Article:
Wednesday, September 30, 2015
Russell, Opua: gannets at twilight
I sailed here yesterday under thick overcast. The Met Service radar showed scattered rain just off shore, but with an east wind and the tide with me I hoped to reach Russell before it did.
The tide was running out hard. I raised the mainsail and tried to turn GANNET’s bow north before dropping the mooring, but the tide wouldn’t let me, so I had to drop the mooring with the bow pointing south, gain speed and turn toward the marina breakwater dock to gybe. Not a lot of room, but GANNET is small and nimble and we made it easily.
I hand steered until we cleared the end of the breakwater and the mooring field, then engaged the tiller pilot and set the jib in the beginning of an ongoing revelation: moving forward in the bridgeless cockpit is so easy. I felt it time and again during the brief sail. The new cockpit configuration is huge. A greater improvement than I even imagined. One of the best changes I have made to GANNET.
The wind remained light, usually less than seven knots, swirling and dropping as it came off or was blocked by hills and headlands, but it remained on or near the beam and I had GANNET’s anchor down forty-five minutes after we left the mooring.
The Russell anchorage is divided by a public jetty for day trip boats and small passenger ferries that ply back and forth between Russell and Pahia. For whatever forgotten reason, I invariably anchor north of the pier, but yesterday decided to anchor south.
I pumped up the dinghy. This too is much easier in the new cockpit. I had wondered if there would be room aft of the pod to stow it and am pleased that there is.
I wore my foul weather parka to row the quarter nautical mile to shore—moorings prevent me from anchoring closer—and was comfortably seated at the Duke of Marlborough, waiting to learn if their salt and pepper calamari are as good as I remembered—they are—before rain began to fall.
I was seated on the semi-enclosed veranda and discomforted by heating units. I was surprised to find a fire in the fireplace at the Opua Cruising Club the other evening, too. It is not that cold. I live here at air temperature and changed tables to get as far away from the heaters as possible.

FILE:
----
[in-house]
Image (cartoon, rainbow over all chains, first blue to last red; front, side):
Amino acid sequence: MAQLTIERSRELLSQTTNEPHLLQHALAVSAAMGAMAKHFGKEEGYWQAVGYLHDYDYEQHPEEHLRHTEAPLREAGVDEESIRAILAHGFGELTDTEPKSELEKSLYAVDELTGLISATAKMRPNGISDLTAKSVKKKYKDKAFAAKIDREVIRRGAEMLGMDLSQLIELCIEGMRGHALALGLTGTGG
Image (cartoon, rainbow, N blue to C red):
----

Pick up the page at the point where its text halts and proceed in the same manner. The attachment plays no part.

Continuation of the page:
The rain stopped before I finished lunch, but by the time I had shopped at the two small markets, both better stocked and less expensive than the Opua General Store, and the liquor store, where I replaced the exploded bottle of Laphroaig at considerably greater cost and bought a bottle of Brokers Gin, which still falsely claims to be “the world’s best gin”, and began to row out, it resumed, but lightly and I didn’t get very wet.
The rain soon stopped again and I was able to stand in the companionway with a gin and tonic at 6 p.m.
GANNET is the only boat at anchor and I had seen no one on any of the moored boats nearby, so I was startled by a loud splash on my blind side. I turned and found a gannet bobbing back to the surface a boat length away. He looked at GANNET and maybe me. I raised my glass to him. He swallowed his catch and took off.
Light rain is pattering on the deck as I am writing this Monday afternoon.
The morning was windless and the water glassy.
My intention is definite—not to go back to the mooring until I have set the new gennaker—but my plans are not. Wednesday and Thursday look to be the best this week. If there is wind, I may sail tomorrow. If not, I’ll wait.
The gannet returned to hunt last evening as I expected he would. From the number of dives he was making, fishing here is pretty good, unless he is inept and diving without catching.
There has been no rain today and little wind.
When I got up this morning, the sky was sunny overhead, but thick fog lay over the inlet and I couldn’t see Pahia. It burned off by late morning, but I’m enjoying the change of scene and decided to stay.